Titus Chapter 1

(Tap footnote to read it.  Old Testament quotations are underlined.  "Love" with a caret ("^love") is agapé.1"agapé" The Greek words ἀγάπη (agapé, noun), and ἀγαπάω (agapaó; verb) are typically translated "love".  However, unlike our English word "love" – which primarily speaks of affection and feelings – agapé centers on choice and behavior.  It’s the "love" based on will, choice, behavior, and action; not feelings.  (Feelings-based love is the Greek word φιλέω (phileó), which properly means "brotherly love/affection".)  Thus, you could hate someone passionately and still treat him with "agapé".  Agapé "love" is best understood as the pursuit of what is most beneficial to someone or something, regardless of the cost to yourself or the type of response received from the person or thing.  It can also indicate a preference for someone or something over other things. )

  1. Paul, a slave of God and an apostle of Jesus the Anointed according to the faith of God’s elect and the knowledge of the truth; the truth according to godliness,
  2. in the hope of the life of ages1“life of ages” is literal, and captures the duration as well as the quality of the life, which the traditional interpretation of “eternal life” doesn’t.  The word translated “ages” (αἰώνιον) is the adjective form of the Greek word “αἰών” (aion), which is used – for example – in Matthew 24:3 “what are the signs of your coming and the end of the age?” which God – who cannot lie – promised before the time2“time” literally: “times” of the ages,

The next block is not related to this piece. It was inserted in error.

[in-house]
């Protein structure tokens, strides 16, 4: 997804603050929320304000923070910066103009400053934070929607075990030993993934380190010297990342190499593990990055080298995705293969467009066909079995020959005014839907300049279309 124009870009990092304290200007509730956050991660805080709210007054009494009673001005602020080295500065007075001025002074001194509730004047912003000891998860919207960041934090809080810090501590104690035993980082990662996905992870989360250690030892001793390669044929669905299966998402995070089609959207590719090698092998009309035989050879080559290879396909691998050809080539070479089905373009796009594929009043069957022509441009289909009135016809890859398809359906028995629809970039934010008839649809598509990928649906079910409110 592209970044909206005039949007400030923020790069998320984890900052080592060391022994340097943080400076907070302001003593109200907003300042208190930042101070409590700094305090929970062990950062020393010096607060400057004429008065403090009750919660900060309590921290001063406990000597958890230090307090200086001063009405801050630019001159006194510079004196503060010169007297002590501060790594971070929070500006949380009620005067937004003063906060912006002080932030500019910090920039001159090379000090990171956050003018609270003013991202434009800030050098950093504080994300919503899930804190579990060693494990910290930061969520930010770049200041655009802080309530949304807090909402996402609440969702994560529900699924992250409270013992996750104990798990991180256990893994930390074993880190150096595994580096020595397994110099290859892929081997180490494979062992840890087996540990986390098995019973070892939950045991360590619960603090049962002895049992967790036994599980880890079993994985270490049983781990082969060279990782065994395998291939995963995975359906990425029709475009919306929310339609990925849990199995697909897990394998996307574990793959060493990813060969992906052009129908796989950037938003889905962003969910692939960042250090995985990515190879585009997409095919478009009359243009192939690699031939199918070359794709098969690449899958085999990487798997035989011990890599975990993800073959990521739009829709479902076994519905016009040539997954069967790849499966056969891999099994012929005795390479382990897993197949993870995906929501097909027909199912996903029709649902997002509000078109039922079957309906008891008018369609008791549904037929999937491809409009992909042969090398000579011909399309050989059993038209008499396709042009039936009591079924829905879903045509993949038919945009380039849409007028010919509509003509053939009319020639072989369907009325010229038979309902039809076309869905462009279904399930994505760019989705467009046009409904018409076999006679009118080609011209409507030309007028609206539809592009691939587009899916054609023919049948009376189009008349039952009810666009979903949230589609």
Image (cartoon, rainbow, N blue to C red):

3. and revealed His word in His own seasons by the proclamation with which I was entrusted, according to the commandment of God our savior.
  4. To Titus, my true3“true” This Greek word more precisely means “legitimate” or “genuine”, sometimes with the sense of being dear because of this. It was used of a child born inside of wedlock who was thus a “legitimate” child. child in our common faith: grace and peace from God the Father and Jesus the Anointed, our savior.
Qualifications for Elders
  1. For this reason I left you in Crete, so you might set in order what is lacking, and might appoint elders in every town as I instructed you.